The 2019 Cubs were a supergroup that somehow didn’t mesh, like Blind Faith, which recorded only one album together despite the talents of Eric Clapton, Steve Winwood and Ginger Baker. It’ll be Ross’ responsibility to make it mesh in 2020, though we’re still not sure if Epstein will break up the Javier Baez-Kris Bryant-Anthony Rizzo supercore this winter.

Ross handled himself well Monday and was much more serious than the guy we watched as the clubhouse leader in 2015 and ’16. He took pains to shoot down what he called the “misconception” about the “fun-loving, Grandpa Rossy theme out there,” undoing the hard work Rizzo and Bryant did to create the character. It was their “GrandpaRossy – 3” Instagram account in 2016 that hammered home the image, which is tough to ignore.

“If you ask any of my friends and ex-players what kind of teammate I was, I didn’t shy away from the tough conversations,” Ross said, pointing to some mound conversations with big ol’ pal Jon Lester that were “rarely friendly.”

Former Cubs starter Jason Hammel seemed to verify that anecdote on Twitter last week, facetiously asking Ross if Willson Contreras “will be managing the days ur babysitting (Lester).”

We can joke about the Ross-Lester relationship now, but with the Cubs in the stretch run this year Lester posted a 6.45 ERA with a .921 OPS against in 10 starts from Aug. 1 to Sept. 18. Ross may have a difficult decision to make if Lester starts similarly in 2020 and is the weak link of the rotation.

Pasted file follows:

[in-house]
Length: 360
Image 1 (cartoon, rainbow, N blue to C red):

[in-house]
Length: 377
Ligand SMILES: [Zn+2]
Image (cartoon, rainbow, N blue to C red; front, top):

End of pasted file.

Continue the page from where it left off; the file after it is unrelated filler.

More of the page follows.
Epstein isn’t worried about good ol’ boy Ross being able to manage his ol’ buddies.

“It’s easy to get in a player’s face,” Epstein said. “Anyone can do that. It’s hard to get in their face and then have them come back a half hour later and want to talk about it more and still want to be around you.”

Epstein denied the Ross hiring was a fait accompli, as many – including me – have suggested from the start of the interview process. Ross did not interview with any of the other eight teams searching for a manager this month, so he only had one choice – manage the Cubs or return to his analyst job at ESPN.

“I think it’s the perfect fit for him and the organization at the perfect time,” Ross’ agent, Ryan Gleichowski, said.